As Figure 3 shows, our first cut looks like this:

  1. Demand Management
    1. Discover value opportunities
    2. Define opportunities
    3. Connect IT and business
  2. Delivery Management (iterative)
    1. Design solutions
    2. Develop solutions
  3. Relationship Management
    1. Deliver solutions
    2. Harvest value
  4. Repeat
value delivery cycle and key phases schematic
Figure 3. Example value delivery cycle and key phases

The introduction of BRM and regular meetings with business partners has given us broader insight further upstream, so we are aware of opportunities earlier than ever before and are more prepared (reducing value leakage).

We also have introduced an initiative-on-a-page template—a simple one-page template that facilitates shared understanding and manages expectations from the outset. We use agile development and iterative delivery, with converged IT and business teams, to ensure that we design and build the optimal solution.

Lessons Learned

Understand. And deliver value.

Adopting these approaches has allowed our enterprise IT team at Monash to strengthen its relationship and reputation with business partners across the university. As a result, the organization is more aware of the value we provide, and our partners are more willing to reach out to us for advice and assistance earlier and more often.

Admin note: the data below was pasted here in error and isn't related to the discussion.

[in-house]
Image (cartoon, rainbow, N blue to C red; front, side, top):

circular schematic illustrating the virtuous value cycle driven by strengthening relationsips
Figure 4. Strengthening relationships drives a virtuous value cycle

As Figure 4 shows, the consequence of this growth has been igniting a virtuous cycle of improvement, where stronger relationships lead to better understanding and reduced value leakage, driving increased business value, which in turn builds trust, strengthens relationships, and drives the cycle further. Ultimately all of this is driving business transformation and better outcomes for everyone involved.

Although we still have more work to do, we have learned many things along the way. As I've highlighted here, four of our important learnings are:

  • Focus on adoption over delivery
  • Improve relationships and understand business partners
  • Converge business and IT, and share outcomes
  • Reduce value leakage

Where to Learn More

This article is part of a set of enterprise IT resources exploring the role of digital transformation through the lens of understanding costs and value. Visit the Enterprise IT Program to find resources focused on digital transformation through the additional lenses of governance and relationship management, technology strategy, business process management, and analytics.

Lindsay MacDonald is Executive Manager of Strategy & Planning for Monash University's CIO Portfolio.

© 2019 Lindsay MacDonald. The text of this work is licensed under a Creative Commons BY 4.0 International License.